Jamason Wright suffered a concussion on the field during his freshman season.
LEBANON, Ind. -
New safety rules designed to identify head injuries and help players fast are in effect on every Indiana gridiron this year.
Coaches and trainers are trying to educate athletes that it pays to speak up when you take a hit.
Jamason Wright remembers the hit he took.
"I got hit in the legs. I was holding the football and my head just hit the ground," said Wright, who plays for Lebanon.
But he remembers his concussion.
"Coach called the next play. I couldn't even remember how to run it," he said.
But on the sidelines, the Lebanon High School staff had him covered.
"Our trainer did the test, everything, pupils all the sensory things then said, 'Yeah, you should probably go to the hospital'," says the senior, remembering that freshman year experience.
But years ago when Lebanon Superintendent Dr. Robert Taylor played ball, he says the concussion test was "'How many fingers am I holding up? What's my name, coach?' If you could come close to that, you were put back into the game."
Now, Taylor pushes all of his contact sports - even cheerleading - to watch every hit, every time.
A settlement reached with the NFL over concussions includes $10 million for educating young athletes and for research.
"Any additional funds that can be put into research, into finding a better football helmet, make our football players more safe when they're out there, I fully support," said Lebanon athletic director Philip Levine.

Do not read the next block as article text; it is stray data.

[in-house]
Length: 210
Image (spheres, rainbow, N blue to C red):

This week, Purdue expanded head trauma research to university players. Helmet sensors log the strength of hits and pre- and postseason tests show if cognitive skills are hurt by hits.
Years of Purdue sideline research with high schoolers already shows it's not just one big hit, but many smaller blows over time that lead to brain injury. The kinds of injury NFL players are suffering now.
"We're seeing changes in about half our football players. Changes we're not going to be happy with," Professor Larry Leverenz at Purdue said.
"We do not want them to ignore that initial symptom or sign that happens right away," Levine said.
They're educating players to fess up if they're having trouble. That kind of education is key.